Shaped By War is the largest exhibition ever of the life and work of Don McCullin, arguably one of the greatest photojournalists of the post-war era.
Born in North London in 1935, McCullin’s first memories were of The Blitz and evacuation. For his National Service in the mid-50s he travelled to Suez, Kenya and Cyprus, working as a Photographic Assistant. Soon after his return home, his photographs of a local gang were snapped up by The Observer and assignments to Berlin and the civil war in Cyprus followed.
While McCullin would go on to work in war-torn hotspots such as Biafra, Northern Ireland, Cambodia and Lebanon, it is Vietnam that he will always be associated with. By now working for the Sunday Times Magazine, McCullin made his first trip there in 1965, and would return on fourteen more assignments. Along with daredevils like Tim Page and Larry Burrows, McCullin, working almost exclusively in black and white, took many of the photos that have come to define the conflict.
The exhibition’s centrepiece is his work from the thirteen days he spent with US marines in the ancient city of Hue in 1968 during the surprise Tet Offensive. These photographs are “the most powerful film I’ve ever taken in my life”, says McCullin in the exhibition’s 30-minute film. He goes on to explain how the “total nightmare madness” of the often hand-to-hand fighting left him “slightly insane.” The photographs reflect this grim reality – from his famous portrait of a shell-shocked American soldier to his shot of a wounded Marine being helped by two colleagues, which reminded McCullin of Jesus Christ being taken down from the cross.
Throughout the exhibition there is an awkward contradiction at play. On the one hand McCullin says he wants “to become the voices of the people in these pictures”. His work certainly displays a clear interest in the civilian victims of warfare. This is a noble mission of course, but a display of the American military kit McCullin wore in Vietnam hints at a more problematic reality – that of his defacto embedding with US forces. In terms of his personal safety this is understandable and perhaps the only way he could access the battlefield. However, it also means most of his photos from Vietnam are of – and taken from the perspective of – US soldiers. The viewer’s sympathy, concern and attention is therefore more likely to rest with the American side, rather than with the Vietnamese resisting them. This is especially problematic when one understands the overall mortality count for the war: 58,000 American military deaths compared to between two and four million Vietnamese, military and civilian, dead.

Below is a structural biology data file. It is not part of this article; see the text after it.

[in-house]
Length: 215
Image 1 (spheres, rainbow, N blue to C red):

In later life, McCullin’s fame began to impede his ability to get close to the action, his attempts to document the Afghan War and the Falklands War ending in failure. After the leaving the Sunday Times magazine and fighting depression, war fatigue and a turbulent personal life, in the 90s he turned to landscape and portrait photography. “My landscapes have become a form of meditation. They’ve actually healed a lot of my pain, my guilt, from the things I’ve seen”, he says in the accompanying text.
In telling the story of such an extraordinary life intimately involved in many of the conflicts of the late twentieth century, Shaped By War proves itself to be a fascinating and important exhibition. Visitors of all political persuasions will likely leave with a huge amount of respect for McCullin and other war photojournalists who risk their lives to record the horrors of modern warfare. The elderly World War One veteran Harry Patch, who McCullin photographed just before he died, had his own, well-informed take on the issue: “War is organised murder, and nothing else”.
Shaped By War runs until 15 April 2012. Admission is £7 for adults, £6 for concessions. www.iwm.org.uk.
*Ian Sinclair is a freelance writer based in London, UK. email@example.com and http://twitter.com/#!/IanJSinclair